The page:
“The stars at night Are big and bright Deep in the heart of Texas
The prairie sky Is wide and high Deep in the heart of Texas…”
The song Deep In The Heart of Texas, was written by June Hershey and recorded by a number of artists in 1942 – including singing cowboy Gene Autry. It came to mind last week as Betty & I watched the stars in the clear night sky at the ever-amazing Palo Duro Canyon State Park, just south of Amarillo, Texas. We have covered a lot of territory since our last post, with almost all deep in the heart of this supersized state. So this post is a bit of a catch-up.
After our new tire was installed in Clarksville, Arkansas, Betty & I made our way to a nice little campground called Lovin’ Life RV Park, just west of Texarkana. It is owned and operated by Sirron & Nicole, who obviously have a deeply warm heart for Texas. We stayed a few days while Tom Dansby of RV Medic and Solar installed four new lithium batteries in our coach. What a joy to be able to maintain and monitor our power supply while boondocking!
From Texarkana we headed across northern Texas, stopping for the night at a quiet rest area west of Wichita Falls.
Next day we arrived at the truly breathtaking Palo Duro Canyon, where we spent three nights in site 91 of Mesquite campground. We had originally booked six nights, but that cold front from Canada continued to chase after us. With forecasts of below freezing overnight temperatures, we decided to move back up the side of the canyon, and then on down the road to the south.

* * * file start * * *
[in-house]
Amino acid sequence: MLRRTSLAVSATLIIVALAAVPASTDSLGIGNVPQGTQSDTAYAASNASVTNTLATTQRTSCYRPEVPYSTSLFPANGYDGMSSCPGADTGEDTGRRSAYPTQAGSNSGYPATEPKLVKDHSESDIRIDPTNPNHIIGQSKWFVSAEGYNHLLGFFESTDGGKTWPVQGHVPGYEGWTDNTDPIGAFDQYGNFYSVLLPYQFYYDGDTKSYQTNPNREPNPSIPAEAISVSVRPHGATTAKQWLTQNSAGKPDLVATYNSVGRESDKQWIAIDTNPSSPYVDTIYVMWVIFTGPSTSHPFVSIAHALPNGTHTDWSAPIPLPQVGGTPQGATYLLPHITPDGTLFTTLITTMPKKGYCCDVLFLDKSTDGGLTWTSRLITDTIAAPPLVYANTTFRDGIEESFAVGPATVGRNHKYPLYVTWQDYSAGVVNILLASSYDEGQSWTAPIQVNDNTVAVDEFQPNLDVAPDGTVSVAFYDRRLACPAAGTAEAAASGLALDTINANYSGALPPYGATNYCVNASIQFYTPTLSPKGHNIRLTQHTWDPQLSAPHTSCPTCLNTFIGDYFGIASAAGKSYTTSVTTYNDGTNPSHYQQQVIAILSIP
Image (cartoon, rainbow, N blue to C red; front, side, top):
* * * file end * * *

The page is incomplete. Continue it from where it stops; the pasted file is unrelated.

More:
We are currently in site #85 of Guadalupe River State Park, just north of San Antonio, and are hoping to make the mandatory visit to the Riverwalk tomorrow.
The Texas Society of Professional Surveyors (measuring by satellite the exact distance between the state’s four borders) places the “geodetic” center of Texas 18.5 miles west-southwest of Eden. And it was in a rest stop deep in the heart of Texas – just outside of Eden – that we spent a quiet night between Amarillo and San Antonio. While you can’t get much closer to the heart of Texas than that, we continue to be blessed by the friendliness of the good people we have met so far in this state where everything just seems a little bigger.
“The coyotes wail Along the trail Deep in the heart of Texas
The cowboys cry “Ka-yippie aye!” (Woo-hoo!) Deep in the heart of Texas
The doggies bawl And say “you all” Deep in the heart of Texas”